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A Challenging KAP Session

Posted by Tom Benedict on 14/03/2013

I’ve had a long-standing request to photograph one of the gardens in town. I’ve tried with a kite, I’ve tried with a pole. The first time I photographed it from above, I slung a line from a nearby tree and used that to hoist my KAP rig. But since then the tree I used was cut down, so I really had no way to pull it off.

Then I got a new request to photograph a different part of the yard in order to help plan a project at the school. That location clearly needed KAP, so I gave it another go.

These photos are straight off the camera, except for a re-size in Photoshop. The last one is a little dark because the sun went behind a cloud.


It all started innocently enough in the field near the place where I work. The school is just on the other side of a big stand of eucalyptus trees to the right of this photo. The trees are the real obstacle when photographing the school. They’re 80’+ high, and far enough away from the school to make the geometry really unfriendly to KAP.


That’s when I saw The Gap. Ooooh yeah! Not only was there a gap in the trees, it was almost at the perfect angle to fly a rokkaku through it! W00t!

The trip through the trees was hairier than I like, but I managed to get through with all my gear intact. The camera was hanging from the kite line for all these photos, but I didn’t let line out to raise the camera until I was past the trees.


Aaaaah! Subject #1! For the record, I couldn’t actually see anything during most of this session. My rig was in the sun, so I couldn’t see where it was or which way the camera was pointing. I had 10-20′ high bushes between me an the subject, and trees at my back. I was flying blind. Except for the fact that I was using a video downlink! Now that I’ve used it on a flight that would’ve been close to impossible without it, I’m starting to like it more. I used my A650IS for this session, so rebuilding the video downlink to interface to both of my KAP cameras came in handy.


This gives you a better idea of the challenge involved. In the foreground is the school. In the mid-ground is the garden and yard. Behind that is the line of bushes I couldn’t see over. Past that is a dry creek bed, and past that is the path I was standing on for most of this. Just out of view at the top of the frame is the big stand of eucalyptus trees.


This one is a little dark, but it further illustrates the challenge with this session. Yep, that’s me in the upper left corner with the kite line stretching up. Those trees are big!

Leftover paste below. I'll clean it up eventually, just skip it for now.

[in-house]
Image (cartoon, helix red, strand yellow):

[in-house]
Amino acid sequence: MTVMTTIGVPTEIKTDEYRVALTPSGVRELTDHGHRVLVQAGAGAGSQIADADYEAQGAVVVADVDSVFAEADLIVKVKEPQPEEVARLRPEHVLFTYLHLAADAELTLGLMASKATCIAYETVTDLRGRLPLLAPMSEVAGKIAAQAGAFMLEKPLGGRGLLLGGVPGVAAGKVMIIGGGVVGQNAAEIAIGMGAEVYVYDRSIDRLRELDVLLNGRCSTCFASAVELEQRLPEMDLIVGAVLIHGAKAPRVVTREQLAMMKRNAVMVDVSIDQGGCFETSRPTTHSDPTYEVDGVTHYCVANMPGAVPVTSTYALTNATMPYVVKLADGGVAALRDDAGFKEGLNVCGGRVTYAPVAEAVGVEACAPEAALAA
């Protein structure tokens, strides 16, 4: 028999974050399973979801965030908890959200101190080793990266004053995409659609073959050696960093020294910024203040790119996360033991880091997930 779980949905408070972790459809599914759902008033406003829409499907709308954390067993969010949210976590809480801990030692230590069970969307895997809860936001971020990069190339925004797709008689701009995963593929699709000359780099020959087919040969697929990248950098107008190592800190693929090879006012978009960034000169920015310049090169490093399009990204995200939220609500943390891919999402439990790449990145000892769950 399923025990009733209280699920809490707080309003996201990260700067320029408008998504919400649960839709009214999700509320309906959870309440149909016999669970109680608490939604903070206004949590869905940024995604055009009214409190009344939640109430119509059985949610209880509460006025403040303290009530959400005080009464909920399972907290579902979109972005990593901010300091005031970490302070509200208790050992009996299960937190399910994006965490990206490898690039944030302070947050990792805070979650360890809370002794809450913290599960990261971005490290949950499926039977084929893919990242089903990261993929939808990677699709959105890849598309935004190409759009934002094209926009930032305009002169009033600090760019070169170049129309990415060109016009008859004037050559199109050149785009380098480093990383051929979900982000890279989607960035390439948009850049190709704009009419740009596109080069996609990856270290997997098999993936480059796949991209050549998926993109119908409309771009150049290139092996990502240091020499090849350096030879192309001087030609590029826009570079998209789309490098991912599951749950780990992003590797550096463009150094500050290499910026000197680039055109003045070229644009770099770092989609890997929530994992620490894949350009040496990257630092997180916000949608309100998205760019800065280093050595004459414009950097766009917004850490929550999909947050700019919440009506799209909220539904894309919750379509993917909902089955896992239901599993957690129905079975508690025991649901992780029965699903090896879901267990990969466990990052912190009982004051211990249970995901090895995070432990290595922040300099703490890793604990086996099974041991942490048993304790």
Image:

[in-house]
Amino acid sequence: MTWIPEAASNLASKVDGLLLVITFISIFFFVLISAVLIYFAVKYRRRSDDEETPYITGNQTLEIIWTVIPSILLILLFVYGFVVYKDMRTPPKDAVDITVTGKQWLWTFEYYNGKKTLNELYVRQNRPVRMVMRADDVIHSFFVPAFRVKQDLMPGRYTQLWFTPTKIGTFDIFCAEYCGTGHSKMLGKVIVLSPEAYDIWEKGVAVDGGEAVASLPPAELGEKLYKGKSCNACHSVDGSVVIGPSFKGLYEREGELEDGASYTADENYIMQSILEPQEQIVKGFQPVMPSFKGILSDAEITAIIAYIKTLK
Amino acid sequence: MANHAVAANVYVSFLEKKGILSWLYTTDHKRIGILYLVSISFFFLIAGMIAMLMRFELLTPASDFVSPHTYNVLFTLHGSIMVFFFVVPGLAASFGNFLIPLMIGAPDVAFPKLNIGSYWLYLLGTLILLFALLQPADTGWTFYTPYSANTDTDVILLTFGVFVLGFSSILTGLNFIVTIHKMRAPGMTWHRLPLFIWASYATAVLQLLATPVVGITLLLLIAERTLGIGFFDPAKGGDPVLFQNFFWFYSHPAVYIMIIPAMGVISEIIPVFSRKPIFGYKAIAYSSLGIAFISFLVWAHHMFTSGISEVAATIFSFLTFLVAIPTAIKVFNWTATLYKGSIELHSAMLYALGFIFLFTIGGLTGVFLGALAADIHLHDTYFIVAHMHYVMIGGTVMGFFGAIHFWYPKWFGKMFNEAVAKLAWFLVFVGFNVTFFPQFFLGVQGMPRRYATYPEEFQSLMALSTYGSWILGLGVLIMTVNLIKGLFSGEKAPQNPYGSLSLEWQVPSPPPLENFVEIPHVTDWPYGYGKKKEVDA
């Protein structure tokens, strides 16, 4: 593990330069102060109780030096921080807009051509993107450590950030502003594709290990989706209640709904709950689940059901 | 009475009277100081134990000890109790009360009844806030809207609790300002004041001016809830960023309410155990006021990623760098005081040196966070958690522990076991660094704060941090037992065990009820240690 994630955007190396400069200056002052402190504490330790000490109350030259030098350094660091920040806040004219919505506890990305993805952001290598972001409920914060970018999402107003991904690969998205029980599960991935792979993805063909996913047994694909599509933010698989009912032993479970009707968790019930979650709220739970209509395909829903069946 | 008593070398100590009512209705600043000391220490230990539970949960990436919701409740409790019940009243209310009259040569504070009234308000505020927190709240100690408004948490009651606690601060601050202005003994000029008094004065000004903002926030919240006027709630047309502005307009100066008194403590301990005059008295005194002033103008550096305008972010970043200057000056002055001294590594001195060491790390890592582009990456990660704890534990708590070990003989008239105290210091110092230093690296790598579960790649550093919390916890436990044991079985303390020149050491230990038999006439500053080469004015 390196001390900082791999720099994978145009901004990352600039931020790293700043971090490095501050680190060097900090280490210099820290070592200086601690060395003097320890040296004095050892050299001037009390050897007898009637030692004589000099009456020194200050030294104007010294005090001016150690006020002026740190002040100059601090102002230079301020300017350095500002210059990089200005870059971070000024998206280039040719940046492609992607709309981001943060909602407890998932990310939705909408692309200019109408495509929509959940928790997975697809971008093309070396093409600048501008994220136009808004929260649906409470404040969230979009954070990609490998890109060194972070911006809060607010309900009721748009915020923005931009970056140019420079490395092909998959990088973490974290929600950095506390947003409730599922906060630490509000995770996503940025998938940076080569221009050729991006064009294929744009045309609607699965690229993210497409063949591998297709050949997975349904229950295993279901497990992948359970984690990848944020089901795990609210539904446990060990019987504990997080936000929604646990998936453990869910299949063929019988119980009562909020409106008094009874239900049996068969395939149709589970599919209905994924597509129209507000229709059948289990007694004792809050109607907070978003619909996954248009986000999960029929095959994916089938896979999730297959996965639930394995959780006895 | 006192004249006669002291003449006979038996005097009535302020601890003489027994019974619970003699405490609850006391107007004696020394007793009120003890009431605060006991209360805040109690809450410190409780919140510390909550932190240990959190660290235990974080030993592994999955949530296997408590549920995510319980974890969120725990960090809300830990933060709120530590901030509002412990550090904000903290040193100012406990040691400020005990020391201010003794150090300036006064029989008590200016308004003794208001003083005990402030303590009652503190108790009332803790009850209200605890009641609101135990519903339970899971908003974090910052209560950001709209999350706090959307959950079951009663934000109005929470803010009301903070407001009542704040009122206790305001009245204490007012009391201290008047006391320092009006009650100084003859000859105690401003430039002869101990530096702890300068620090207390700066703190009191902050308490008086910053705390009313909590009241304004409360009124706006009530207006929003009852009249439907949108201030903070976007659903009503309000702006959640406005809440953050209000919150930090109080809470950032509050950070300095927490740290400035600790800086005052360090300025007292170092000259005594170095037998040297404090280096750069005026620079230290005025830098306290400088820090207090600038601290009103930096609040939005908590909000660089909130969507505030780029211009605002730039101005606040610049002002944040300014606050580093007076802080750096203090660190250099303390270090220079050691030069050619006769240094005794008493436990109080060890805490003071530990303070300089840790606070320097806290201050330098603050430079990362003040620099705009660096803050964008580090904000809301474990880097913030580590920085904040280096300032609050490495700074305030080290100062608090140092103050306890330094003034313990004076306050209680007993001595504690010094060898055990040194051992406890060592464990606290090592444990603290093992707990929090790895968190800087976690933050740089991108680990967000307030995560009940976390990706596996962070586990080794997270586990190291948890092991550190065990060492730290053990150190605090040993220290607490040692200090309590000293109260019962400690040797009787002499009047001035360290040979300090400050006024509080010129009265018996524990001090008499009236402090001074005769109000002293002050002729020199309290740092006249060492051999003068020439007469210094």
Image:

Once the KAP work was done, I reeled in my rig and got it off the line. The trick after that was to reel the kite down until it was below the tops of the trees. Past that it came down like a big floating elevator. I managed to hand-catch the kite without dipping the line to the ground. A good end to a good session.

Hey, I almost forgot! I flew on the other side of the eucalyptus trees back in 2010:

St. James Circle and Waimea Country School

You can see how far the garden has come since then. It was just fallow beds waiting to be planted.

– Tom

P.S. Yeah, I didn’t mention the OTHER challenge with this session. In the next to last photograph you can clearly see what look like utility lines just above the school. Those really are utility lines, and the upper line really is electricity. It’s insulated (I checked) but I was very VERY concerned about the possibility of touching it with my kite line. If the wind hadn’t been perfect, and the kids hadn’t been out of school, and things hadn’t been working perfectly, I never would’ve risked it.


4 Responses to “A Challenging KAP Session”

  1. Great result!…I dare say there are those who would say ‘easy with a microcopter’ but I know what satisfaction you get from a KAP win ike this…and I bet you had plenty of time over taget too! Well done Tom!

    • Tom Benedict said

      It probably would’ve been a snap with a microcopter. Really, it’s the perfect setup: trees blocking the wind, no pedestrians around, and a small concentrated subject that won’t require stitching afterward. But yeah, KAP is just plain fun.

      But that would be a neat subject to write about. I know there are clearly times when a microcopter will work out better than KAP – just ask Michael Layefsky. But when is KAP clearly better than a microcopter? Cool! New post!

      • It’s hard to do the ‘whole sum’ when comparing KAP to other low level photographic methods. There are so many negatives to KAP in many situations but when you get the result you want with just the wind for lift nothing can beat the satisfaction of it! A ‘copter is a costly thing however you look at it…power…parts or skill. KAP is simple, requires patience and its biggest expense is a camera!

      • Tom Benedict said

        I agree. It’s a complicated question. And there are many MANY instances where something like a microcopter would be a better option. But there’s one case in particular where I think KAP wins hands-down, all cost issues aside: Any time there are people on the ground, I’m far more comfortable with a kite and KAP rig than I am lifting the camera with something that can’t auto-rotate in case of a failure. I know people have flown microcopters over groups of people, but that’s in direct violation of one of the AMA safety guidelines: don’t fly over people.

        That’s not to say I’ll willy-nilly put a KAP rig over people, either. Things can still fail. Parts can still fall off the line. But I’ve used KAP to do what amounts to portraiture. There’s no way I’d attempt that with a microcopter.


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